And as we find our coping mechanism in these testing times, it’s only right to help our children cope with the challenges that face them. There is no one way to cope, but here are a few simple ones that work:
Back-off: Two words no parent wants to hear when it comes to their kids. But really.. back-off! I recently heard this snippet of advice from someone who I would otherwise never go to for a wise word. We all have these people in our lives, right? The know-it-all colleague who always has to have the last word, or the classmate from school who forever rides the high horse, or the mother-in-law who always has a comment to make that’s almost never positive, or the ex of a spouse who… well, feel free to complete that sentence for yourself! But the advice was sound. Our kids are going through a way of life that’s not only different but stifling to the very essence of childhood. There are no playgrounds anymore, no huddles, no sharing of lunch, no birthday parties, no handshakes or hi-fives, no classrooms or punishments outside the classroom. It’s everything that makes childhood so precious and it’s everything that has been taken away. Give them their space. It’s fine not adhere to the normal rules now. The normal has changed.
Actively Listen: Hearing your child while you fiddle with your phone or write that mail on your laptop doesn’t count. If you listen hard enough, you will hear the verbal and non-verbal cues. Something every kid needs now more than ever. Our kids probably confided in their best friend at school or maybe had a cousin they reach out to for advice. Those channels of communication have come to a screeching halt for our children. More than ever, we need to provide that listening ear.
Create rituals: Most global organisations have a few rituals that help drive the culture of the organisation. These could range from team lunches on a weekday, golf mornings on a weekend, a few drinks on a Friday evening, or an evening with spouses. Typically these rituals raise employee engagement and sense of belonging, while keeping their morale high. Given that we could all use a morale boost, setting some rituals at home could have some merit. We have a simple one. Friday is movie night. We have roles and responsibilities distributed (who makes popcorn, who fetches the drinks, who beats the coffee, etc etc). It’s a simple one but we noticed that kids start talking about it from Wednesday. It’s something they look forward to. The general rule is to keep it simple and look for an activity that keeps everyone engaged. Could be a board game, gardening, baking together, creating some arts and crafts.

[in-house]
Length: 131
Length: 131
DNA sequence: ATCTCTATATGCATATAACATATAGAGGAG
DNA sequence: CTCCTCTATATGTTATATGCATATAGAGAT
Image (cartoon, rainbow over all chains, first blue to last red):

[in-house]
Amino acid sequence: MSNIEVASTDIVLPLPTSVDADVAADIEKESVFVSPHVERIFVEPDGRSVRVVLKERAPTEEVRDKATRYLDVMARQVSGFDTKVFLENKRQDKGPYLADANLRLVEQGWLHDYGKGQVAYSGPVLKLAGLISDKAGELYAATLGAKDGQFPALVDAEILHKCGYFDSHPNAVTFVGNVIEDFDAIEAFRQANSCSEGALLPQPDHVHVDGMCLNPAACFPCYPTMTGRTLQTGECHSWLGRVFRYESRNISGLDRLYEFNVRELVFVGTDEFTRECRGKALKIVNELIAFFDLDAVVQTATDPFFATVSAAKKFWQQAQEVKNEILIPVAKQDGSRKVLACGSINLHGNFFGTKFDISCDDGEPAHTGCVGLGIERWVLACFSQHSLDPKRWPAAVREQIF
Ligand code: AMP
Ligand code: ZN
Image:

Make them self-reliant: Yes our kids are missing school and a huge chunk of their normal education. But this has also given us an opportunity to make them self reliant. Let them make their own beds, dust their rooms, take care of the pet, water the plants, maybe even learn a simple recipe or two. A little self-reliance goes a long way. I’ve had many parents ask me and my kids ‘what is our Covid story?’. Which basically translates to what new skill did you pick during lockdown, how many kgs did you loose, how many books did you read, etc etc. Which really goes back to point number one; as parents let’s just back-off. Let’s not get competitive and create a rat race where none exists.
Stay Calm: Robert Fulghum said: “Dont worry that children never listen to you; worry that they are always watching you.” This quote is probably more apt now than ever before. The world is uncertain and so is our future. But our future is watching us in the way of our children. So stay calm and keep swimming!
Tomorrow is another day!
About the Author: Aroti Akash Tugnait is a Leadership Development Practitioner and a Digital Marketeer with over 2 decades of experience with Harvard Business Publishing, Accenture Consulting, and GE. Find her LinkedIn profile as listed: